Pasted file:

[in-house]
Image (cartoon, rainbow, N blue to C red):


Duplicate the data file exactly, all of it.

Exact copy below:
[in-house]
Image (cartoon, rainbow, N blue to C red):